Mark Szakonyi, June 25, 2014, Journal of Commerce
U.S. Federal Maritime Commission Chairman Mario Cordero today said the agency is reaching out to container lines for specifics on their planned congestion surcharges ahead of potential work stoppages at U.S. West Coast ports.
“What we want to make sure is that there is specificity [in congestion surcharges] because if you are a shipper, there seems to be an ambiguity of what the surcharge will be versus the triggering factor that applies,” Cordero told the JOC.
To prepare for potential International Longshore and Warehouse Union work stoppages, trans-Pacific carriers have filed plans for congestion surcharges or plan to reactive ones already on file with the FMC. With the current labor contract expiring at the end of the month, the ILWU and waterfront employers are negotiating a new contact, and both sides said earlier this month that talks were continuing and positive.
In a May 29 advisory notice, the FMC said congestion surcharge must be published in tariffs for at least 30 days before the fees can be levied against shippers. As tariff rules applying to work stoppages are already in place, if such an event occurs, a carrier could impose a surcharge with immediate effect, the agency said.
But more clarity is needed, said Ed Greenberg, counsel of the National Customs Brokers and Forwarders Association of America. The group wants the FMC to require trans-Pacific carriers to publicize how they would provide services to and from U.S. ports if work stoppages on the West Coast occur. NCBFAA also want carriers to explain how they will divert cargo to and from alternative ports and where cargo may be held or transferred during the period.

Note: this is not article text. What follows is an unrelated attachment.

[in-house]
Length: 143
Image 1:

Carriers should also provide a point of contact to give ocean transportation intermediaries updates on where their cargo is and when it will be delivered. Lastly, the FMC needs to form an internal clearinghouse on its website that would detail the timing and amounts of congestion-related surcharges facing the industry, Greenberg said.
While the agency is considering the requests, Cordero said the priority was for staff to get clarification on congestion surcharges from carriers. The NCBFAA in early 2013 first asked the agency to narrow the gap in information on congestion surcharges, following confusion on how the fees were implemented when hurricanes Sandy and Katrina hit.
“I would hope they take [the requests] seriously, but I haven’t seen it,” Greenberg said.
He said some FMC commissioners have raised concerns that the agency doesn’t have the regulatory authority. Greenberg thinks the FMC does have the authority and wants them to at least explore the option. U.S. Customs and Border Protection has been willing to work with the trade industry on the matter and has issued guidelines for ship and cargo contingency plans ahead of possible U.S West coast port disruption, he said.
“Customs is willing to work with the trade. Why can’t the FMC?” Greenberg asked.